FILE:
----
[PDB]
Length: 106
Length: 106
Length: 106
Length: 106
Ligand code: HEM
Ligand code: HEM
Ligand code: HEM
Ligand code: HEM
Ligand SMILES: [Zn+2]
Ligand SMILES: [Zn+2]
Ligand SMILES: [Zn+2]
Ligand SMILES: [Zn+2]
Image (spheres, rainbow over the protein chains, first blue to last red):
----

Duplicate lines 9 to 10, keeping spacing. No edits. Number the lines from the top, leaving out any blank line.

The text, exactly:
Ligand code: HEM
Ligand SMILES: [Zn+2]